Tim I haven't got it working on the web yet, right now I'm just trying to get all the parsing correct. And yes, at the moment I am just scanning the long text string into a memo field, and using the 'extract_string(BarCodeText,'XXX','XXX')' expression in each of the parsed fields to pull the correct data, and that seems to be working just fine. My original goal was to have a separate web screen (maybe a popup) just for scanning the data into, then when the submit button was pressed, it would parse the data into the correct fields (on the back end), which could then be pulled into any form that had the need for that data. It would be nice to be able to skip the first part of this and have the data go directly into the form that requires it, but since everything I'm doing is web based, I don't see an easy way to accomplish that. Ira has a neat barcode program for desktop applications, but he said it would be somewhat complicated to do in a web browser, since it would vary depending on which browser the client was using.
Tim here's what I'm doing: I have a memo field that takes the following barcode data, and parses it out using calculated fields - AAMVADL00290197DLDAQS-542-738-870-099 DAASMITH,RICHARD,JOHN,JR DAG26 SAMANTHA CT DAITAKOMA PARK DAJMD DAK20912 DARC DAS DAT DAU600 DAW167 DBA20110124 DBB19820124 DBC1 DBD20051126 DBHN Each field is delimited by the first three charcters. The 'DBB' string is the person's DOB, which in this case is. Presently I'm using the following expression to parse out the date string: EXTRACT_STRING(MEMO,'DBB','DB') This gives me '19820124' as a character field, which I call 'DBB_DOB.' Then I was using a separate (date) field to convert the character string to the actual date: STOD(DBB_DOB) = This works as I said earlier, but as soon as I try to enter a new record, I get an error message because as you said, the character string for the date field hasn't been created yet, and as such it throws the record into a crazy loop which gives an error message of 'MONTH IS OUT OF RANGE,' then 'ENTER MUST BEGIN FIRST,' and stays the way until I force the program to close.
Now you suggested that I parse out the character date string and convert it to a regular date all at one time, but I'm not sure what the expression would look like to do that. Could you show me how? Everything else about this application is working correctly except for this date issue, so if I can get this working I'll be finished. Stan thanks for replying so fast, but I'm not really sure what you are telling me?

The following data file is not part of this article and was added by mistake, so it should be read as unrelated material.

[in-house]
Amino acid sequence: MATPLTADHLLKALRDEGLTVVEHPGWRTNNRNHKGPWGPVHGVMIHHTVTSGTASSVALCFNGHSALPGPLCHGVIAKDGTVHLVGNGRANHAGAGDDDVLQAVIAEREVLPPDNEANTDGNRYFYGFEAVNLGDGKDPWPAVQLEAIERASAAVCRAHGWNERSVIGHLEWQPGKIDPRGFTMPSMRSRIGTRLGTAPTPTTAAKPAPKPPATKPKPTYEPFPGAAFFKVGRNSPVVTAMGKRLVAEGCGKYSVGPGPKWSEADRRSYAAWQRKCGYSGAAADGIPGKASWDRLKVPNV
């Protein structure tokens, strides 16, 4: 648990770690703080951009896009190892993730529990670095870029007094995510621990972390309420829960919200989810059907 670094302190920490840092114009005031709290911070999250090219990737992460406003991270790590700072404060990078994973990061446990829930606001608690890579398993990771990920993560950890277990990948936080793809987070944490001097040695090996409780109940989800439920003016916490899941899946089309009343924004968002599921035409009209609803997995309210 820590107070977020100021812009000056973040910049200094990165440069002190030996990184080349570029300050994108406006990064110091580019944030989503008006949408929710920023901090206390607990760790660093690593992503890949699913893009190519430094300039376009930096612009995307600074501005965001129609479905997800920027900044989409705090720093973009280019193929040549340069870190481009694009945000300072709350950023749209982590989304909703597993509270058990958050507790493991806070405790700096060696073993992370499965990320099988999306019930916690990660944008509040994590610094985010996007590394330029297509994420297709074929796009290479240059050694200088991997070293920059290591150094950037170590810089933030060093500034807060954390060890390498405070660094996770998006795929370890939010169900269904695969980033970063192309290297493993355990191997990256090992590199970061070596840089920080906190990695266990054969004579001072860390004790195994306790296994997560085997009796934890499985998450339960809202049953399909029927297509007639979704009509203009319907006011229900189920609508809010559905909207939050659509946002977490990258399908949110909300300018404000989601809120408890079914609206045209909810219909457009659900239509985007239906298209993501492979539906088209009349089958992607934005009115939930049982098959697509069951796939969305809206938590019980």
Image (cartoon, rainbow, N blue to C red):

I'm familiar with the STOD() function, and as listed above, I am using it to convert my parsed character string into an actual date. The problem is that it is causing errors at the end of the record, and Tim was suggesting that I parse the character string from the barcode data AND convert it to an actual date all at one time, but I don't understand how to do that. That's what I'm looking for assistance with. I assume it would be some sort of a nested expression, but I've been playing around with it for hours and I can't figure out how to make it work. Hi Tim Your expression works correctly, however now another weird thing is happening. Bestsync 2015 Serial Key.
If I enter the barcode scan data directly into record via browse, the DOB calculation works fine. But if I enter it via the web page, as soon as I hit the submit button, I get an error message on the DOB field, that says 'CAN'T PUT TO CALCULATED FIELD.' Any thoughts? BTW, here's the link to the form: If you want to see what I'm getting, manually paste the following data into the memo field and hit the submit button: AAMVADL00290197DLDAQS-542-738-870-099 DAASMITH,RICHARD,WELLINGTON,JR DAG26 SAUCER CT DAITAKOMA PARK DAJMD DAK20912 DARC DAS DAT DAU600 DAW167 DBA20110124 DBB19820124 DBC1 DBD20051126 DBHN. Hi Tim Your expression works correctly, however now another weird thing is happening. If I enter the barcode scan data directly into record via browse, the DOB calculation works fine. But if I enter it via the web page, as soon as I hit the submit button, I get an error message on the DOB field, that says 'CAN'T PUT TO CALCULATED FIELD.'
Hey Tim just wanted to let you know that your expression is working perfectly. I don't know what was causing the above error message, but I fixed it by rebuilding the grid. I have another question regarding parsing that I was hoping someone could shed some light on. Sample barcode extract into memo field: AAMVADL00290197DLDAQS-542-738-870-099 DAASMITH,RICHARD,WELLINGTON,JR DAG 26 SAUCER CT DAITAKOMA PARK DAJMD DAK20912 DARC DAS DAT DAU600 DAW167 DBA20110124 DBB19820124 DBC1 DBD20051126 DBHN Presently I'm using the expression of (for example): EXTRACT_STRING(MEMO,'DAG','DAI') to parse the address from the memo field and similar expressions to parse the other data. This works fine as long as the next field starts with the delimiter of 'DAI,' which it always does in Maryland. But I just found out that other states layout their data differently. They still use the same delimiters, as that is based on a national standard, but the data doesn't always flow the same way.
For example, in one state, the address field is followed by the Organ Donor field. The delimiter for the Organ Donor field is DBH. Obviously this causes a problem with the 'Exact String' expression because it is looking for DAI as the end point, now it does not follow DAG. So my question is this: There is a set maximum number of characters that can be used in each field, so that will never change and that being the case, is there a similar expression I could use that would still parse the data from the set delimiters of 'DAG,' 'DAS,' etc., but instead of using the next text delimiter to indicate the end of the parse, it would only parse the string up to the maximum number of allowable charcters, then stop. In other words, something like: EXTRACT_STRING(MEMO,'DAG',30) or something like that, so that once a space of 30 characters was reached, the expression would know it was the end of the string. (I know this is not a real expression, but in looking at it you can get the drift of what I'm trying to do.).